Connect with Maureen
Berner teaches evaluation and analysis courses for MPA students and provides similar training and advising to state and local government officials throughout North Carolina. Her personal research focuses on the ability of local organizations to address food insecurity, poverty, and income inequality. Berner has worked with nonprofits, food banks, local governments, and state agencies. Berner was a 2014–2016 University of North Carolina Thorp Engaged Faculty Fellow, a Visiting Scholar with the University of Ghent in Belgium in the fall of 2017, and recipient of numerous academic awards.
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In the News
Official poverty statistics dramatically underestimate the level of true poverty in the population. A more realistic measure is the level of demand on community-based social service non-profits such as food pantries, which have seen dramatic increases for the last 20 years indicating a more worse economic state for the average household than imagined.
Introduces students to the methodological tools public administrators and policy analysts use to conduct research in the twenty-first century.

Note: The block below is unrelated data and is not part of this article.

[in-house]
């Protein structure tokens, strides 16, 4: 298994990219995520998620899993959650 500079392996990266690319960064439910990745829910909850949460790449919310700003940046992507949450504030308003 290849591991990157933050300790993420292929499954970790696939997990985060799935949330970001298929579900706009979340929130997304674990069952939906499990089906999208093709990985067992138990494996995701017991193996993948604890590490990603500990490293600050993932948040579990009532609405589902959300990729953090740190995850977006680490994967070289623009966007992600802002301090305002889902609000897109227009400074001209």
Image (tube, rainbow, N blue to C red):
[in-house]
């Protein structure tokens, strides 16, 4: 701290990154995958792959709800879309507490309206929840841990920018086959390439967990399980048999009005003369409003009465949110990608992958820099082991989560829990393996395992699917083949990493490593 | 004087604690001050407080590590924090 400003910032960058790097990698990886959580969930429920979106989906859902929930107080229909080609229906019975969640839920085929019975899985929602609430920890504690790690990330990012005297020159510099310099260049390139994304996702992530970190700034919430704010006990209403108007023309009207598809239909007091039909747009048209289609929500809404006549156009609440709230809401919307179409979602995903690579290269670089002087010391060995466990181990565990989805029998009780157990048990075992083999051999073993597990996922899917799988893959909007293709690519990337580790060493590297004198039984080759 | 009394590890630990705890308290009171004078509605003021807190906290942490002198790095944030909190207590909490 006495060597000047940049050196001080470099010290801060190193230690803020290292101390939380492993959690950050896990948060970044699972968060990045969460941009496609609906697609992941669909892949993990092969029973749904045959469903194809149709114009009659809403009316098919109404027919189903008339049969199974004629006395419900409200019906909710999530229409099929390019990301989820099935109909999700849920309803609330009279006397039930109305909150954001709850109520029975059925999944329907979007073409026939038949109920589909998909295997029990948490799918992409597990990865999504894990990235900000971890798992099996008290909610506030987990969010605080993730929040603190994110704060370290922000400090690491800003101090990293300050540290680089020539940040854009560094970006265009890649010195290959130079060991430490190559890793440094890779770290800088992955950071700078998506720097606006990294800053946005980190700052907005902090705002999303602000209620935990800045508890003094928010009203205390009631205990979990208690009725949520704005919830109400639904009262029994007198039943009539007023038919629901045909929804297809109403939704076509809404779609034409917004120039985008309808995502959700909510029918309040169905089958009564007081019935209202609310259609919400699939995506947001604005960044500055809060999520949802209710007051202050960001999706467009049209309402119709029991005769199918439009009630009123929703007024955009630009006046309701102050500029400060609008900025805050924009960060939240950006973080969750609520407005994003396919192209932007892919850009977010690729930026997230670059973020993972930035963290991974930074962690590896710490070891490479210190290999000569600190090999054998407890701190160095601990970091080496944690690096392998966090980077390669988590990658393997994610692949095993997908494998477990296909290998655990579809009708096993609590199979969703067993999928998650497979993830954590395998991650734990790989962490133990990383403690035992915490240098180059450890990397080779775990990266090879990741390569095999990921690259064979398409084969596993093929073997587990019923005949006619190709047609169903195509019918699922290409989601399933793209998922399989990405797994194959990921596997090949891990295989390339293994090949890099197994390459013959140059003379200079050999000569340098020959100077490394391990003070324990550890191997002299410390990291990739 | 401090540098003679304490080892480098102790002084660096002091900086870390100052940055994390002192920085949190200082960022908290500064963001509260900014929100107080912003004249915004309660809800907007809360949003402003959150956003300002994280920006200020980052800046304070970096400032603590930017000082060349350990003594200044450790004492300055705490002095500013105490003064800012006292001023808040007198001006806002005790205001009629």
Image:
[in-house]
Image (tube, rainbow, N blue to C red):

Discusses organizational capacity research, which is limited by its focused on larger organizations, mostly ignoring the tens of thousands of front-line community-based non-profits and volunteer-run organizations which comprise a vital part of the national social safety net.
The typical visitor to a food pantry does not necessarily represent the stereotypical image of a destitute individual, but rather a wide variety of people in a wide variety of circumstances, who often make too much to qualify for public benefits but not enough to get by.
Using data from a large midwestern food pantry, we find working actually makes clients more likely to rely on charity food assistance, long-term, not less. This suggests that working creates enough of a burden that some jobs may make it harder to get by, not easier.